The Doppler Effect happens when the sound waves from the moving object are moving toward the observer. As the object moves toward the observer, the distance between them gets shorter. Because this distance is decreasing, the sound waves are being compressed between the two. As the object moves past the observer, the distance increases and it takes longer for the sound to reach them. The sound then seems lower. The actual frequency of the sound wave never actually changes; it just seems that way to the observer.
Check out this animation to understand the Doppler Effect better.
Lightning and Thunder
Lightning is the light created by a static charge — a light wave. Thunder is the sound created by the quick movement of the heated air — a sound wave.
Light travels at 186,000 miles per second (299792.458 km/s). The speed of sound can vary depending upon many properties, including temperature and humidity, but 760 miles per hour (340 m/s) on a normal spring day is widely accepted.
This basically means that light can travel faster than sound or that the flash of the lightning will be observed first and the sound will be heard after the flash. To find out how far away the lighting is from you, count the seconds from the flash to the sound. Then divide the number of seconds by 5 to determine how far away in miles the lightning hit. Check out the National Weather Service site for more information.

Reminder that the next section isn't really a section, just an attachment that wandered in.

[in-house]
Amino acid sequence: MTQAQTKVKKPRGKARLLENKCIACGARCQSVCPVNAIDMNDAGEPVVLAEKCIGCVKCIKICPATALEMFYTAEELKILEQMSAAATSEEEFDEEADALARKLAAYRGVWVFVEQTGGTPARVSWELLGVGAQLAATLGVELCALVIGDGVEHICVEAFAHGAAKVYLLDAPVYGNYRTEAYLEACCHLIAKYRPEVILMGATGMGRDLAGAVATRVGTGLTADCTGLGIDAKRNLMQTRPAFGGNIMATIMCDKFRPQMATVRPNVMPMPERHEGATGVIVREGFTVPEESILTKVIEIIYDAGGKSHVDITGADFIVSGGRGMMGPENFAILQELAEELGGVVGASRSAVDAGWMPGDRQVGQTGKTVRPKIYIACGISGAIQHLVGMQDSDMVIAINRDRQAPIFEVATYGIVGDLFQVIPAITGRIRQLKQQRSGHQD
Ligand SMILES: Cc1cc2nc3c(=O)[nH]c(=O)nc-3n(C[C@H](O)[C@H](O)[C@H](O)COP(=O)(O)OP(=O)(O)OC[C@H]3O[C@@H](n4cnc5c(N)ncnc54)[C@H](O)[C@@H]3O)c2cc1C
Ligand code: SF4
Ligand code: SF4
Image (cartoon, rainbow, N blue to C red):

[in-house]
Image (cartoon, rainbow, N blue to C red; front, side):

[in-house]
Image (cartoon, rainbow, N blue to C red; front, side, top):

How do we hear?
Hearing is all about the vibrations of sound as they hit our ears. Inside the outer ear — or that part we all see — is a complex series of ear parts that also vibrate when sound hits them. The eardrum is a drum shaped part that vibrates with the sound waves as they hit it. Behind the eardrum is the snail shaped piece that also regulates balance called the cochlea and three small bones: the hammer, the anvil, and the stirrup. As sound vibrations travel this route of ear parts, it is transferred from piece to piece until it sends signals to the nerves that take the message to the brain.
Learn more about sound and our ears at this KidsHealth site. And check out the Hearing section of our Five Senses site.